To date I have not seen any proposals to prevent the restrained pupil’s parents, who can often be more badly behaved than their off-spring, from reaching for the Yellow Pages and setting the whole no-win, no-fee gravy train in motion.

What’s the point of telling teachers that they now have protection at one level, if in fact the education authority that employs them can still itself be sued by self serving parents?  It’s also worth remembering that it is local taxpayers, through their council tax bills, who will ultimately be picking up the bill for the avalanche of law suits that are likely to follow as newly empowered teachers begin to flex their new found muscles.

Government now needs to finish the job by offering the local taxpayer protection from the often unruly and sometimes ‘violently’ greedy parents and lawyers, who could soon be stalking the corridors of town halls up and down the land.

An expert’s view of the wind farm issue

New laws could boost onshore wind farm approvals, say experts

Borrowed from http://www.planningresource.co.uk article by Susanna Gillman Monday, 09 May 2011 (hope they don’t mind!)

New planning legislation could be used to boost the approval of onshore wind farms under a recommendation from the Government’s climate change committee.

The committee has told the Government that further approvals will be required to deliver the onshore wind ambition in its renewable energy strategy.

The Government has set a target of 15 per cent of energy from renewables by 2020.

But approval rates for onshore wind projects have historically been low, with less than 50 per cent of schemes getting the go ahead and the planning period taking around two years.

In its renewable energy review, the Committee on Climate Change said even with a push for more community-led wind farm projects, there is a “significant risk that onshore wind and transmission investments will not gain local public support, given high levels of resistance from some groups”.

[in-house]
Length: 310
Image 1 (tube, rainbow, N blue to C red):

It concludes that achieving higher rates of approval will need central government decisions, “possibly under new planning legislation that explicitly sets this out”.

The committee, which was requested to advise on the scope to increase ambition for green energy, said renewables should make a 30-45 per cent contribution by 2030. More than 6GW could come from onshore wind through the 2020s, it suggests.

Onshore wind is also likely to be one of the cheapest low-carbon options, according to the committee. Offshore wind schemes are still expensive and should not be increased unless there is clear evidence of cost reduction, it warned.

Nuclear power is currently the most cost-effective of the low carbon technologies, and should form part of the mix assuming safety concerns can be addressed, it added.

Nick Medic, spokesman for Renewable UK, trade body for the wind and marine renewables industries, said rather than creating more legislation a better approach would be to make a case for the economic benefits of onshore wind to local communities.

A DECC spokesman said energy secretary Charles Hendry has stressed the need for greater local ownership so communities can see the benefits of wind farms as part of the future energy mix.